WARD 7 COMMUNITY CONVERSATION NOTES Saturday August 11th, 2012 Motion by Emily Washington Voted upon and unanimously

accepted by the Ward 7 Participants I move that no schools are closed in Ward 7 until a school reform plan based on a genuine analysis of student achievement by class is advanced by the Ward 7 stakeholders from every Ward Sector; place a moratorium on opening new Charter schools in Ward 7 until after the Ward 7 Peoples’ Plan for School reform is advanced.

 Under No Child Left Behind (NCLB) – Section 11-18 – must have community and parent involvement in decision-making. How does this fit into that – how are we working toward compliance? (DME explains this is not “in compliance” because there are no decisions being made, only recommendations being formed) Not enough parents here Visibility of the DME and want him hands on in the community The $ paid for the IFF (37 closing recommendations) is same as funding this convo (incorrect) 2 newest schools have not succeeded b/c $ is not put into improvement by chancellor/superintendent. $ could be put to behavior staff (budget) What was the original agenda? This wasn’t written anywhere. White Paper Submitted to Mayor’s Office (Emily Washington) – see end of notes for full text. Lack of equity Staffing Lack of resources How is quality being defined? (I.e. teacher quality, parent quality, absenteeism/truancy) Quality administration; recommendations; parental involvement Language in IFF report being used in DME communications – “quality seats” Admin need to explain the connection b/w test scores and closings What role do “enrollment” #s play in decisions? “This is not about school closures” – wrong: DME is saying one thing staff saying another Creating “separate but =” system. This is an insult of the first order School closures – as an attack on children – compromises children’s safety What about closing ‘charter’ schools? # of people on staff @ DME office and they’re not reachable A great deal of cheating @ schools; # chancellor report who tells the charter board what? Standardized test scores determined the ‘tiers’ – what was other criteria? The way we develop our community now will impact us for years to come Test scores do matter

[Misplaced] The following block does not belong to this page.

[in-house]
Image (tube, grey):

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WARD 7 COMMUNITY CONVERSATION NOTES       Saying that “we don’t know what quality is” is insulting o DME states that there is multitude of definitions of quality – so there’s no one definition. Schools worse off now than it was before everyone fired Bullying Truancy School distance How are all the notes being compiled, shared? o DME and Public Agenda state that notes will be typed up by Public Agenda, shared with Planning Team to disseminate to Ward 7 residents Need to deal with the dynamics in Ward 7 – no comparison (in a lot of ways) Sending students to children in other wards -> not investing in our own ward Don’t need outsiders telling us what to do Need constant community involvement – when things are good and bad – need to sustain this energy Model what’s working Schools are changing principals too much Equity Resources not distributed equally Staffing not enough to handle children’s needs Some teachers are inexperienced At the end of the day it’s about resources 50-60% students on IAP, schools and staff not equipped to handle this High % of students with behavioral and psych issues Systematic neglect of residents east of the river; separate and unequal

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       Signed contract b/w teacher/school/student/principal Keep librarian in all schools (discourage TV); modern libraries and library Retain small schools to keep classes small Computer labs Require spelling, grammar Nutrition Motion to vehemently oppose school closings in Ward and moratorium on pg 77; until there is community involvement; vetting process (THIS MOTION WILL BE PUT IN A FORMAL STATEMENT TO GO TO DME, OSSE, MAYOR) Improve quality Gangs/Bullying Need to have follow-up conversation with W2, W3, W6 to find out what they’re doing that could help in W1, W4, W5, W7, W8. Councilwoman to speak directly to De’Shawn Wright Councilwoman should speak to constituents about IFF report Education plan tailored for Ward 7.